Jesus’s point wasn’t to reject the idea of a group of people doing an act of fasting or repentance together. Such was commanded and observed in the Old Testament, and there is at least some continuation of that we read in the New Testament, too (for example, in Acts 13:2-3). Done together, the showmanship is held in check by the commonality of experience. The shared need for the Lord can be the emphasis.
Should Christians take part in the imposition of ashes? The answer relates to our context: will it make us stand out or let us genuinely humble ourselves? Getting ashes and then being the only person with them on in a setting with very low observance could very well run afoul of Jesus’s call to avoid drawing attention to ourselves; in a places where the practice is common, not nearly so much.
We must also ask what we think we are accomplishing in this act (or any observance). The point of putting on ash is to be humbled. We ought not think that getting it somehow fixes anything in itself. Getting ashes (or not getting ashes) does not make one more holy, it is simply a way to reflect on the truth that we need Jesus — it is His work in our hearts that make us right with Him.
If we’re going for some sort of Ash Wednesday magic charm, we are sorely headed in the wrong direction, just as if we are going so that people will think “Hey, there’s someone holy!”
This goes for Lent in general, too. Giving up something — chocolate, social media, whatever — for a season doesn’t fix everything, or, really, anything intrinsically. If we think it does, we will be disappointed. But if setting something aside allows us to humbly recognize our need to step away from our own failings before God and helps us to hear Him guiding us, it can be a useful practice.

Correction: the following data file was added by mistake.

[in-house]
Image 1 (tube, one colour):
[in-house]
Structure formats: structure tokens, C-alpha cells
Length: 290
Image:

Like the ash, though, may it be kept quiet. I get fidgety every time I see someone announce on social media what they are giving up for Lent. We need to resist that urge. Just as the best practice of Ash Wednesday is one that brings no attention to us individually, so too, the best of any observance throughout Lent.
As Jesus says in that text I preached a few days ago, “But when you fast, anoint your head and wash your face, that your fasting may not be seen by others but by your Father who is in secret. And your Father who sees in secret will reward you.” How much better if we give something up and keep anyone from knowing, because our day-to-day activities look normal and healthy to those around us.
What Jesus’s call was about was returning to a right focus: making all our acts, most certainly our “religious” ones, focused on understanding our place before God. We are people who will return to dust; physical death makes no exceptions for us. The message of good news in the Bible is that Jesus died and overcame death for us so that physical death wouldn’t be the final period in our story. Dwelling in the loving presence of God is.
Ashes do not save us and they should not be used to make us feel special before other people. Nor should Lent. Setting aside a period to reflect or taking part in a physical act that reminds us of how much we need God’s rescues and how much He loves us, however, is precisely the sort of thing the Bible repeatedly calls us to.
Sometimes we need to stop and do something so we feel God’s care. Whether you receive ashes today or not, whether you observe any Lenten fasts or not, encountering and being changed by God’s love is what really matters.